On June 22, 2023, the SEC’s Investor Advisory Committee hosted a panel discussion regarding audit committee workload and transparency. The panel was led by James Andrus, with presentations of new research by Lauren Cunningham and Vanessa Teitelbaum and ensuing discussion with several audit committee chairs: Anthony Anderson, Sheila Hooda, Robert H. Herz and David Herzog. The panel touched on nuances of many issues facing a modern audit committee, particularly the expanding universe of risk oversight, the importance of proxy disclosures, the type of information sought out by investors, and whether new regulations are needed. While there was no consensus on the best approach to risk oversight, all of the panelists could agree on a few matters: investors rarely, if ever, raise questions about how the audit committee functions and new regulations are not needed.
Risk allocation – some consider the audit committee a “kitchen sink;” one size does not fit all.
Research presented by Prof. Cunningham indicated that many audit committee members believe the audit committee is the appropriate committee to oversee new risks. Those who disagreed cited the bandwidth of the audit committee or the expertise needed to oversee the risk. The risks facing companies are growing and evolving; however, the discrete risks facing each company and the resources available to each company and board are different. While an audit committee has experience overseeing technical matters, that does not necessarily mean the audit committee is best positioned to oversee the company’s cybersecurity risks, for example. The complexity of the evolving business environment often requires unique expertise. As aptly noted throughout the panel, there is no one-size-fits-all solution. Rather, a company’s industry, the business’ complexity, board and committee structure and individual director expertise, among other variables, must all be considered.
Smaller companies may have the audit committees oversee the company’s primary risks based on the expertise of the individual members of the audit committee and the complexity of the company’s business. On the other end of the spectrum, Mr. Herz discussed Morgan Stanley’s approach to risk allocation, which takes into account the complexity of the large financial services institution. The majority of risk oversight is delegated to the risk committee; however, risks associated with cybersecurity, data privacy and artificial intelligence are handled by the operations and technology committee. This approach leaves the audit committee with more traditional audit committee related functions.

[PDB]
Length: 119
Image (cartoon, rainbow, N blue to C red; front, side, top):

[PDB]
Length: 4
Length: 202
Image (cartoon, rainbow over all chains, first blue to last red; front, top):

It’s also important to assess each board’s overall committee structures. Connections between the audit committee, nominating committee, compensation committee and others—such as risk or technology—must be considered. The members of each committee must have the necessary expertise and skillset to adequately oversee the areas of risk assigned to the committee. As the risk areas evolve, and directors roll off of committees and boards, it is important that the skillsets and experience needed are included in succession planning.
Shareholders are not monolithic-engagement and listening are important but directors still must exercise independent judgment.
Turning to the adequacy of proxy disclosures, none of the panelists has received questions from investors seeking a better understanding of what the audit committee does. Rather, investors typically raise questions about compensation, succession planning, climate impacts, and similar matters. While some audit committees use the proxy statement to craft a narrative for investors going beyond the required disclosures, the directors must exercise independent judgment about the right level of detail. The need for additional detail should be weighed against the volume of information included; more is not necessarily better.
More regulation is not likely the answer.
It is not surprising that none of the panelists thought that additional regulations would benefit investors. There was some discussion on whether there is value in the SEC Corporation Finance Staff issuing additional guidance on the information that may be beneficial to investors. But it seems that additional guidance may still be a solution in search of a problem.